ReposiTrak, which has created automated information management technology that allows companies to do the things necessary to comply with evolving FSMA regulations, is a longtime MNB sponsor ... and we've been running a series of videos from ReposiTrak here that have interviewed CEOs such as Kevin Davis of Bristol Farms and Karen Caplan of Frieda's who have been proactive ands progressive in their approach to this issue.

    I hope you'll check it out; it was my pleasure to produce these videos, a task I welcomed because this is a serious issue that requires an industry-wide focus.

    Published on: August 24, 2016

    CNBC reports that "student debt obligations are growing faster than the average salaries for recent graduates, and require an estimated $160 billion in annual payments, according to new analysis from Moody's. That's $40 billion greater than Amazon's annual revenue, and is larger than the combined yearly sales of Home Depot and Lowe's."

    The story goes on: "The velocity of growth tied to student loan debt is "staggering," having more than doubled from $580 million in 2008, Moody's said. That comes as the average salary for recent graduates has edged only slightly higher.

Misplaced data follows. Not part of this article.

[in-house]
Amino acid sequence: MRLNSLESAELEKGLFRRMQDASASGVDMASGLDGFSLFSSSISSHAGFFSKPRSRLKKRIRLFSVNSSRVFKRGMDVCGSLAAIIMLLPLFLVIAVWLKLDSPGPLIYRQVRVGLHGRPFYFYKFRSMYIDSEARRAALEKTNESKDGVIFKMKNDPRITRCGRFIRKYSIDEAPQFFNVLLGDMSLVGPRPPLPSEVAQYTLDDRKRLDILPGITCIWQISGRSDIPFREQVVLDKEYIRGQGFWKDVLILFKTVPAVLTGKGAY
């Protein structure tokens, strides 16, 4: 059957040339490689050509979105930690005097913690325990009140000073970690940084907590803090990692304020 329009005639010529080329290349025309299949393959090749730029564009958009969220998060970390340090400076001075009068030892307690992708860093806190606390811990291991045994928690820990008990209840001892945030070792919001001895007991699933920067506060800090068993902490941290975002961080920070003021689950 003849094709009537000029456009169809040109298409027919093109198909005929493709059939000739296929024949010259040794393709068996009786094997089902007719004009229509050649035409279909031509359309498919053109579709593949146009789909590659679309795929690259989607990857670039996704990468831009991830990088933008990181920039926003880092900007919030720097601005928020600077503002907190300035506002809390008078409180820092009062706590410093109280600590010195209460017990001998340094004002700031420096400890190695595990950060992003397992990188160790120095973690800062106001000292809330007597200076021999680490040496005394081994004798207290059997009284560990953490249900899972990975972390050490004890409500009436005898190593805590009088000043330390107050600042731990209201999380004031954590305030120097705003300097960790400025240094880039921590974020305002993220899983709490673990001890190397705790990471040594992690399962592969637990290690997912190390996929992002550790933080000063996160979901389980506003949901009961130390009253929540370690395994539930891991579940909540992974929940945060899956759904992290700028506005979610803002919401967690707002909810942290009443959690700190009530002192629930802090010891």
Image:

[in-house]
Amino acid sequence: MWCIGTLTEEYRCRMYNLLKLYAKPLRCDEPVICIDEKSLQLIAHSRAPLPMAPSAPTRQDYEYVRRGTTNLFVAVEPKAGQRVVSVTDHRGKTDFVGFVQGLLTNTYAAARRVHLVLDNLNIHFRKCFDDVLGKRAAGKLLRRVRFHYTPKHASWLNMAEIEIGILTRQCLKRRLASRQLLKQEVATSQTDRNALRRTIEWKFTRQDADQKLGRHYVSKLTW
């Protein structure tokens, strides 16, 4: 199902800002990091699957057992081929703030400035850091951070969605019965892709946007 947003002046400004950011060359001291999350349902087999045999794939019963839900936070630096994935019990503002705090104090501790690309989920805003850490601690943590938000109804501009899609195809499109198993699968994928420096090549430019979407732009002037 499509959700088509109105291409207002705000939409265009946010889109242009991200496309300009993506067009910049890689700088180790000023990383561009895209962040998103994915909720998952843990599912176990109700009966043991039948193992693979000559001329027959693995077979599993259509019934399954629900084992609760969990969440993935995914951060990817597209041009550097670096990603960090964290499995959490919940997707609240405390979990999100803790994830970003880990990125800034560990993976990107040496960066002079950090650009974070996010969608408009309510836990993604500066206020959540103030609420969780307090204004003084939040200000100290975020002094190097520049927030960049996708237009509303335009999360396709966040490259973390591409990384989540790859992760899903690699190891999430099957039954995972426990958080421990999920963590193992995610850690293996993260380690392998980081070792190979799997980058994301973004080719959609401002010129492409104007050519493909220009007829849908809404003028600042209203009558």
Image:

"Meanwhile, the largest holders of student loan debt are now Americans between ages 30 and 39, who have historically been the biggest spenders." And the Moody's report suggests that the only retailers that stand to benefit from this trend are stores that can credibly and consistently establish themselves as being discount-driven.
    KC's View:
    Two things here.

    One is that the story suggests that the only thing that may be able to derail this trend is some sort of government intervention. While I think the problem needs a systemic fix - it can't be just reducing the cost of college loans, for example, or just making community college free - I don't have a lot of confidence that the government we have or will have is going to be able to come up with a cohesive and competent approach to making college more affordable.